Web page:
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Activist Communique: Elder Raymond Robinson is on a second fast to protest Harper's lack of dialogue with First Nations

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Elder Raymond Robinson is on a second fast to protest Stephen Harper's lack of dialogue with First Nations communities.

The Manitoba Cree elder is on his third day of his spiritual fast, in which he is not consuming food or water.

 He said he is willing to die for his people in an effort to stop changes to federal funding for First Nations people.

This is the second time that Robinson has fasted for his people. He first fasted for Idle No More in late 2012, joining Attawapiskat Chief Theresa Spence for forty three days in which he lost a more than forty pounds; both fasts ended on January 24, 2013.

The fasts also brought attention to Bill C-45, which concerns both First Nations governance but also included environmental legislation that would see changes to protective legislation for Canada’s lakes and rivers.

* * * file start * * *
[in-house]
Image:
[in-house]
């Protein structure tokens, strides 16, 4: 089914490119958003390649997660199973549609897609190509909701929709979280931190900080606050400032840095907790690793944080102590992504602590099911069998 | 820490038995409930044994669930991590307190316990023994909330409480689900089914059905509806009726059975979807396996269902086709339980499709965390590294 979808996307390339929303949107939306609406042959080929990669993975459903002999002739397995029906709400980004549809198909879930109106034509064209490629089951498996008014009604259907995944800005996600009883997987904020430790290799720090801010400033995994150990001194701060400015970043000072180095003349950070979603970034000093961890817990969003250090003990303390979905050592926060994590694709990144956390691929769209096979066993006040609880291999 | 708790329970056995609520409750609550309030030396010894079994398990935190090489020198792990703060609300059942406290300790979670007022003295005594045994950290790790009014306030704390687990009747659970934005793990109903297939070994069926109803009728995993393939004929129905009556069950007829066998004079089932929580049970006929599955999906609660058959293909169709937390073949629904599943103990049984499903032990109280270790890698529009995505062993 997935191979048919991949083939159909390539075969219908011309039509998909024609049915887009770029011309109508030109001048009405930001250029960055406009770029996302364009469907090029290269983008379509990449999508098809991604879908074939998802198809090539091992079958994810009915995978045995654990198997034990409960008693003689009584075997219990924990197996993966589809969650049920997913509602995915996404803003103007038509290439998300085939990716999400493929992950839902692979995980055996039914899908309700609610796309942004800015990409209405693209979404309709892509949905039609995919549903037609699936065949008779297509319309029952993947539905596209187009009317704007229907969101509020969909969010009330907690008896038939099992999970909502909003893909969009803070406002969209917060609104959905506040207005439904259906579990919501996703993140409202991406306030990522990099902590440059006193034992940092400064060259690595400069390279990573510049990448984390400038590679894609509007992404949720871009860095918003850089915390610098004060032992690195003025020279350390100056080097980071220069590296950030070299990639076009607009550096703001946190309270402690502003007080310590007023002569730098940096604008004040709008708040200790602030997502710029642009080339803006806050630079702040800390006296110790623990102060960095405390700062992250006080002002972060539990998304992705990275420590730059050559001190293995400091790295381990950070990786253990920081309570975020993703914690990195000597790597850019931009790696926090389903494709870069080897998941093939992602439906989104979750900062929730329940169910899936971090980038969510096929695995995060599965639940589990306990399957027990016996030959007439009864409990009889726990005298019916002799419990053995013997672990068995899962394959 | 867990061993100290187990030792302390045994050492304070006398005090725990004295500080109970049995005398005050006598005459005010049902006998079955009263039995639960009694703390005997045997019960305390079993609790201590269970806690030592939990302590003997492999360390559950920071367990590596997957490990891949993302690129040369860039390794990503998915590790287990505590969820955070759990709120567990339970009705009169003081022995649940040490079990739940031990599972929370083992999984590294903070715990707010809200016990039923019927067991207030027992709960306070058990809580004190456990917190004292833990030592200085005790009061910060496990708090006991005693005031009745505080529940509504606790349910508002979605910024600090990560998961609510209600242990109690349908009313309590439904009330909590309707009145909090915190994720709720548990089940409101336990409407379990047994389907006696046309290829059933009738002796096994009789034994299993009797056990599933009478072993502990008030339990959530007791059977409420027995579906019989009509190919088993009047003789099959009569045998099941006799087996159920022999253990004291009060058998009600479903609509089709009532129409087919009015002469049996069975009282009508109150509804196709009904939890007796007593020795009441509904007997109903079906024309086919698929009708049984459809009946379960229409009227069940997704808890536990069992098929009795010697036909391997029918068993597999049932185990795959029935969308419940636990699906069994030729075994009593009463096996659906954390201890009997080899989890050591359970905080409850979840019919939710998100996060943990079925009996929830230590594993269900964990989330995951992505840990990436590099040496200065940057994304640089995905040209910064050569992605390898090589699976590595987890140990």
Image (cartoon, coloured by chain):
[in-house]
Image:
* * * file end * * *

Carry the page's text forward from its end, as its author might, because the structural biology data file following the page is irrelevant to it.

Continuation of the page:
Indigenous communities across Canada rose up in protest to the legislation, which kick started the Idle No More movement. The movement has since gone  global and actions are being planned to celebrate Earth Day, April 22.

"I've got no special powers. I've got no special knowledge. I'm just a simple man from the bush," said Robinson.

He is fasting not only to prompt meaningful dialogue between the Federal government and First Nations communities, but also to give hope to younger generations just joining the struggle for First Nations sovereignty and land rights.

Elder Raymond Robinson meeting with Indian and Northern Affairs Minister Valcourt at 2:30pm EST today.

More to come.

 

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